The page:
The Blending of Binaries

Tideline at Hart House Theatre

Liam McConnell     -  ARTS EDITOR

It opens on Wilfred, wearing black and white and speaking in front of an unseen judge, delivering a tale of sexual gratification and forgotten names, while a tableau of onlookers wait in the misty background like silent specters.

With that, the first of many sets of opposite concepts are combined into a strange middle ground: intimacy and anonymity. As the play continues, many more sets of opposing notions are combined into something strange and new, existing in the space between one and the other. The play itself unfolds in a state of surreality – somewhere between the concrete and the abstract, therefore creating within the viewer a sense of unease, confusion, and disorientation.  

With liquid deftness, the cast guides Wilfred in and out of both dreams and reality, allowing the two to overlap and refusing to permit him — or, by extension, the audience — to find solid emotional footing. The stage is rarely abandoned by the bulk of the cast: instead they stalk the background at the ready as ancillary characters they have just played or are about to play, never allowing Wilfred a moment of decompression or recollection. Blending another binary, Wilfred can never be sure if these apparitions exist to aid or sabotage him, and indeed they do both.

The combination of dream and reality allow for the convergence of another set of opposites that become a central theme: life and death. The dead simply won't stay that way, much to Wilfred's amazement and frustration.

The tone shifts in the second act, as the play's dark but juvenile sense of humour fades into something more sinister. Wilfred finds himself in an unaccommodating and foreign yet familiar land, breaking his back to carry out his mission. This mission begins to transform in purpose as the cast eventually come to inhabit their credited roles. One by one they join him; an unlikely alliance bound by an unspeakable tragedy that they all share. They become a team fuelled by positivity and hope, guiding one another and the audience through the mire of destruction and degeneracy that permeates every line of the play's shocking and challenging second half.

Characters once dressed in black and white eventually begin to appear in grey, as if they subconsciously acknowledge that the best they can hope for in a world of hope and despair, identity and anonymity, good and evil, sin and redemption, and black and white is some combination of the two: a grey middle ground. They can't let go of their pasts or what they've done, but they can allow themselves catharsis and self-forgiveness.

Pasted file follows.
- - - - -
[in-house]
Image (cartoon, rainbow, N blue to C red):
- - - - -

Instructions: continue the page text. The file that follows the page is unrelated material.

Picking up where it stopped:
The design of the stage contributes to the disorienting effect, as everything from the backdrop to the tables are just slightly off-kilter. It is not only the script itself that combines two normally divergent elements: the stage juts out into the audience and bridges the artificial divide that separates them. This combination of stage and gallery, unusual for Hart House, bring the action to the viewer, making them complicit and involved.

From an enormously capable cast, particularly strong performances are exhibited by Augusto Bitter and Kwaku Okyere, who, along with their main roles, each play several smaller roles, ranging in type from the fiercely effeminate to the drunkenly obsequious to the bitterly furious and the crushingly heartbroken. They glide through their many characters' winding emotional labyrinths with the skill and confidence only found in truly gifted actors.

One leaves Hart House after Tideline feeling like they've just run an emotional gauntlet. Wajdi Mouawad's script calls for unrelenting intensity, and Director Ken Gass chose a cast capable of rising to the exhausting task.

Tideline runs at Hart House Theatre until October 1st. For for information, visit harthouse.ca/tideline

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